Thus, according to the ruling, the Executive becomes a “constitutional body guarantor of the integrity of the supreme norm of the legal order and the territorial configuration that derives from it” in order to restore constitutional order. Therefore, they understand that the Government can adopt “the necessary measures” and that the measures can also affect a regional chamber “as long as they do not imply their abolition or the indefinite suspension of the parliamentary activity”. Specifically, in the Catalan case, they understand that the Parliament “has not been totally unrelated to the facts that have triggered the application of the 155” and justifies the cessation of the Government and the top positions of the Catalan administration by having tried to stand aside from the current laws. For that reason, they understand that the Govern could not be “in charge of restoring constitutional and statutory legality”.

The judges of the TC only appreciate that the Constitution was breached when the official publications of the Govern and Parliament were deprived of legal effects without the authorization of the Government.

In the TC itself, special relevance is given to the fact that the sentence was approved unanimously, after a laborious deliberation process. The rapporteur of this first sentence, which resolves the appeal of Podemos, has been the vice president of the TC, Encarna Roca. The second ruling, for which Pedro González-Trevijano has been rapporteur, is the one corresponding with the appeal presented by the Parliament.

Among the judges there has been full awareness of the relevance of these judgments, as it is the first time to shed light on the nature and limits of the 155 of the Constitution. The constitutional instrument was there, but its concrete application to Catalonia, and the cyclical proposals and speculations – sometimes in the heat of electoral campaigns – about a possible re-edition of the measure, give the now-agreed ruling a practically historical dimension from the perspective of the constitutional right. For example, the debate on the dissolution of the Parliament was important. The appeals argued against it.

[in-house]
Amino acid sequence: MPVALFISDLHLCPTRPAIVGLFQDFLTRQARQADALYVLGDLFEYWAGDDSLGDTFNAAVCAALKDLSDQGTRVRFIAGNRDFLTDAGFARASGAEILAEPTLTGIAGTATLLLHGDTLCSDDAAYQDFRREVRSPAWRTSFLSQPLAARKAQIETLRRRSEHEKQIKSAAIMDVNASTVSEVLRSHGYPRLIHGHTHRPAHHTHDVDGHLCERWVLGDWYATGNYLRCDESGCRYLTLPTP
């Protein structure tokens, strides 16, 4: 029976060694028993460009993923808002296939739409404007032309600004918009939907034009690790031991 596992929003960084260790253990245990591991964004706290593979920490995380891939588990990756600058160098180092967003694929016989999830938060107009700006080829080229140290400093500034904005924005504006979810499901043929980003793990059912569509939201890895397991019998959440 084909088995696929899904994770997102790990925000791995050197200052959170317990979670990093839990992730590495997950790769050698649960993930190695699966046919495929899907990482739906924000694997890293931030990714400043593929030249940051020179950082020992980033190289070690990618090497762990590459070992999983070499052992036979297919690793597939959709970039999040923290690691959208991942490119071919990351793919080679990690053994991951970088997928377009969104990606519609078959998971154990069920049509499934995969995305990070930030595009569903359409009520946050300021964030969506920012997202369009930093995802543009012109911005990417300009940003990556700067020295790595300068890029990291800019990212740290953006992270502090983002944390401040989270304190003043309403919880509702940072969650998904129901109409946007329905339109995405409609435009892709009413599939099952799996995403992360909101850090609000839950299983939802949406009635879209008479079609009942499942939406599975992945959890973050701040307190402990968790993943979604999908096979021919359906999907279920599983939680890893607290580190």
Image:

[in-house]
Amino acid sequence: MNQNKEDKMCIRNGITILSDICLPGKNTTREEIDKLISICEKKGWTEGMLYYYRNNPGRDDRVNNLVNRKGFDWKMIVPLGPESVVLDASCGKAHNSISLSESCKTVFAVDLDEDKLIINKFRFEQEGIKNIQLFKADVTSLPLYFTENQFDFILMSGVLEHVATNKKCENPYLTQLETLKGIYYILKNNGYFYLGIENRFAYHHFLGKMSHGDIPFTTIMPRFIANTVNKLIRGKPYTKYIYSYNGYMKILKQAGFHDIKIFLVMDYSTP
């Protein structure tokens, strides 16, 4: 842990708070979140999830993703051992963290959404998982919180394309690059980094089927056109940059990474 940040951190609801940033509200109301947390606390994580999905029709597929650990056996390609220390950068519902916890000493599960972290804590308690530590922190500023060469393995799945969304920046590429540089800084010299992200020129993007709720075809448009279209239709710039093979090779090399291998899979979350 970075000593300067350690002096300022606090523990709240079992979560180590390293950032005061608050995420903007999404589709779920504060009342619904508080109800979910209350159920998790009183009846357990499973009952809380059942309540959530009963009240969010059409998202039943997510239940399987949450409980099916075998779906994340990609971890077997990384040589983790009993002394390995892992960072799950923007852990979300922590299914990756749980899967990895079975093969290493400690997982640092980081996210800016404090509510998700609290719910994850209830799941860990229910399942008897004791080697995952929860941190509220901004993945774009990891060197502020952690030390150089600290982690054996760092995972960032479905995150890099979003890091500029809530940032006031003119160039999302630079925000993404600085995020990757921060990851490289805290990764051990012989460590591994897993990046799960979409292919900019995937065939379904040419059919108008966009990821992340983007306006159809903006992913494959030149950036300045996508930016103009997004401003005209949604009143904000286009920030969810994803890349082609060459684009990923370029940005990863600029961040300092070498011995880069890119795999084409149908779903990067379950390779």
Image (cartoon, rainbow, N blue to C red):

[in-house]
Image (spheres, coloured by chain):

Regardless of what happens in the criminal sphere, the Constitutional ruling will undoubtedly give guidelines allowing to see clearly which are the limits a regional legislature cannot trespass, according to its powers. Within the Constitutional Court’s premises, it is highlighted the relevance of the precedent set by the recent resolution of the European Court of Human Rights (ECHR) in rejecting the claim presented by the ex-president Carles Puigdemont, the former president of Parliament Carme Forcadell and 74 other MPs against the annulment of the plenary session of October 9, 2017 in which it was planned to declare the independence of Catalonia.

The Court of Strasbourg affirmed in its ruling of May 30 that the suspension of the plenary agreed by the Constitutional was “necessary in a democratic society”. And this just to “maintain public safety, the defense of order and the protection of the rights and freedoms of minority parliamentarians”.